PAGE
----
Morning Edition

Mondays-Fridays, 5-9 a.m. on KUAR

Waking up is hard to do, but it's easier with NPR's Morning Edition.  Hosts Renee Montagne and Steve Inskeep bring the day's stories and news to radio listeners on the go. Morning Edition provides news in context, airs thoughtful ideas and commentary, and reviews important new music, books, and events in the arts.  All with voices and sounds that invite listeners to experience the stories.

Copyright 2017 NPR. To see more, visit http://www.npr.org/.

STEVE INSKEEP, HOST:

The Revolutionary War and Civil War are in the distant past, but their remnants continue to be problems today. In Charleston, S.C., cannonballs from those wars wash up on beaches or are found underground regularly.

And while some are benign pieces of history, others have the potential to explode and military bomb experts are called in to detonate them.

Detective Carl Makins, with the Charleston County bomb squad, says a lot of people don't understand how dangerous these cannonballs are.

Ahmed Kathrada spent decades in jail with Nelson Mandela, then spent the first years of democracy helping to shape the country's government after the fall of apartheid. Kathrada, 87, died in Johannesburg on Tuesday morning.

According to a statement posted by the Ahmed Kathrada Foundation, he "passed away peacefully after a short period of illness, following surgery to the brain."

Copyright 2017 NPR. To see more, visit http://www.npr.org/.

STEVE INSKEEP, HOST:

Copyright 2017 NPR. To see more, visit http://www.npr.org/.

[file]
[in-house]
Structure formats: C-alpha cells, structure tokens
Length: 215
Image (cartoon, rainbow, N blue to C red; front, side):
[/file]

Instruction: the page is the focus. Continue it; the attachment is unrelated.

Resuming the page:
DAVID GREENE, HOST:

Good morning, I'm David Greene with some bizarre sports highlights.

(SOUNDBITE OF ARCHIVED RECORDING)

ERIC ALVAREZ: Before you ask, yes, I did make this segment with things I found lying around my desk.

Copyright 2017 NPR. To see more, visit http://www.npr.org/.

RACHEL MARTIN, HOST:

When Kathleen Muldoon had her second child everything was going smoothly. The delivery was short, the baby's APGAR score was good and he was a healthy weight.

"Everyone said he was amazing," says Muldoon.

Micaela Delgado is a beautiful dark-eyed baby girl with a ready smile. She's 8 months old. She's one of more than 1,000 babies already born in Puerto Rico to mothers with Zika.

Her mother, Yalieth Gonzalez, 22, says despite all her worries, so far Micaela's development appears normal. "She's very active, she's up on her own now, she's crawling," Gonzalez says. "She's saying, 'mama' and 'papa' already. She's a very happy baby. She has a lot of energy." But Gonzalez is on alert for signs of trouble.

Copyright 2017 WCVE-FM. To see more, visit WCVE-FM.

RACHEL MARTIN, HOST:

Copyright 2017 NPR. To see more, visit http://www.npr.org/.

DAVID GREENE, HOST:

Good morning. I'm David Greene. It is not my goal to put you to sleep. But...

(SOUNDBITE OF ARCHIVED RECORDING)

UNIDENTIFIED MAN #1: Press 1 to hear the relaxing sounds of the ocean.

GREENE: Ah, the ocean.

(SOUNDBITE OF GULLS SQUAKWING)

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